Making it personal
One cannot argue that it has been an unpredictable year for the South African economy. Despite the local insurance market being no stranger to a high volume of policy churn, company leaders have had to be resilient in finding growth opportunities. On the upside, there seems to be a renewed hope shown by the country’s middle-market companies, with almost one in three of them predicting growth above 10% (according to the EY Growth Barometer survey1).
The reality is that companies within the financial services industry find themselves operating in a highly complex environment. This is one where the customers’ needs are constantly evolving with technological developments, leaving the overall customer experience to be redefined. Intensifying these complexities are the demands of millennials who have shaped new buying patterns along with the channels they want brands to interact with them. 2
In the digital arena, Google has emphasized the insights they’ve gained on customer journeys. Previously, these journeys were thought to be linear, where they began with the awareness stage and then moved through the funnel to the consideration and purchase stages. This is simply not the case in today’s age where information is readily available in abundance. Google has found that no two journeys are exactly the same and that the majority of them don’t resemble a funnel at all. How does this affect insurance? Imagine for a moment that a client is looking for car insurance, her journey may start with trawling the web and narrowing down her options to a few that she feels best suit her needs. This is very normal behaviour up until the point where she restarts the research process in search of car insurers that offer telematics (or other benefits). This may take place numerous times and involves her watching customer reviews videos and reading various online articles for a couple of months before a decision is finally made. 3
With this in mind, there is also an ever-growing expectation from customers for brands to understand their unique needs and be one that they can depend on. For the insurance providers, it means providing an outstanding customer experience that keeps the client engaged. This can be a challenge as insurance providers are not in contact with clients as frequently they would like to be. The key is to deliver unforgettable service at key customer contact points throughout their journey e.g. policy application, claim submission and policy cancellation (retention efforts). 4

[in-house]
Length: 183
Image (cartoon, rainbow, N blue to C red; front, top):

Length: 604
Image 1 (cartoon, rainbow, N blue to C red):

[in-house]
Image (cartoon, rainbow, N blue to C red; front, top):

According to KPMG’s “Six Pillars” of customer experience, if these criteria are delivered against in the insurance value-chain, companies will increase the likelihood of experiencing heightened brand loyalty. 5
Focusing on the individual to create an emotional connection with the customer.
Example – clients expect companies to know who they are and what they want by gaining these insights from the data they collect.
The ability to create a trusting relationship through credibility.
Example – clients have become increasing conscious of brands that support communities and the environment.
Being aware of customer expectations and knowing how to exceed them.
Example – instant gratification is becoming the norm and this need can be satisfied by reward programmes.
Assuming responsibility for a problem and knowing how to manage it effectively.
Example – Clients have the tendency to share bad experiences on public platforms. It’s best to resolve them quickly and effectively.
- Time and effort:
The ability to simplify the customer experience as much as possible, minimizing the effort required by the customer.
Creating a significant relationship with customers based on the analysis of circumstances.
Example – engaging with clients when they make a claim to solidify their loyalty.
Interacting with clients across different social media channels
Instagram is the fastest growing social platform in Africa with over 95 million posts per day and approximately 1 billion users worldwide. 7South African users alone account 3.8 million and are expected to increase substantially in 2019. 8
Brands are harnessing a powerful new feature called “Stories” (adopted from Snapchat) to drive engagement and instantly interact with their audience. Stories enables users to post photos and videos between 15 to 60 seconds that vanish after 24 hours on your news feed, paving the way for ephemeral videos.
Earlier this year, Instagram launched Instagram TV (IGTV) which has been positioned to contend with YouTube head-on, allowing users to upload videos up to one hour in length from the previous one-minute limit. 7
Since Microsoft’s acquisition of Linkedin in 2016, the platform has rapidly evolved into a powerful organisational talent sourcing platform. Despite having a lower usage and engagement rate in comparison to the other social media platforms, LinkedIn is set to unleash several features that will provide substantial growth opportunities in driving B2B strategies.
On the other hand, Twitter, having originated from an instant SMS communication tool has grown into a leading platform for news and current affairs. Business profile users are patiently waiting for the launch of a business dashboard in managing multiple accounts. Despite user numbers dropping in countries like the United States, South Africa has experienced a marginal increase in recent years with a total of 8 million active users.
The current trend and using Facebook’s “Recommendations” feature seems to be growing and users are less likely to search for recommendations on Gumtree and Trip Advisor as well as YellowPages.
Article by: Chelene Naidoo: IIG co-opted member (Marketing portfolio) & Riccardo Raciti: Ambassadorial member (Marketing portfolio)